<b>LISA LOMBARDOZZI</b>, the Herndon PTSA president, said the agreement will benefit both programs. Given today's current budgetary constraints, Lombardozzi said it was important for school's to look for new ways to reach out to the community. She is optimistic that the church-school relationship will be even more fruitful than the traditional business-school partnership. "A church can provide a different level of commitment than a business might otherwise be able to," Lombardozzi said. "The church and its members are looking to do more and often times they are retired and they have a real connection to the community and so they can and want to do more."

Courtney Bulger agreed. Bulger, the director of Business and Industry Partnerships for Fairfax County Public Schools, said other similar faith-based community partnerships are academically based and primarily consist of tutoring and mentoring partners.

While aware of the First Amendment restrictions that separate Church and State, Phillips did not downplay the role his church intended to play with faculty and students from Herndon High. "We hope to do some ministry among the students, at least as much as the school and the students are comfortable with," the pastor said. "But obviously, we aren't going to be walking the halls handing out flyers."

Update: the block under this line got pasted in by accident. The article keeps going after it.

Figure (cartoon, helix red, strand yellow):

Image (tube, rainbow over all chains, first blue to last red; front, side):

Phillips said Herndon United would begin by working closely with the school's chapter of Fellowship of Christian Athletes (FCA) and other similar groups, to strengthen their teen ministries. "The partnership is a good evangelistic tool for us," he said.

Leslie was quick to say the partnership would deal mostly with extracurricular activities, and that there would be no religious instruction and all of the programming and services would be "outside of a religious context."

<b>WHILE MOST OF THE PARTNERSHIP</b> deals with extracurricular activities and support help, one aspect of the agreement has attracted some attention. Under the terms of the arrangement signed on Thursday, Herndon High promised to "offer preferential pricing and placement of HUMC advertising in selected school sports and activities programming."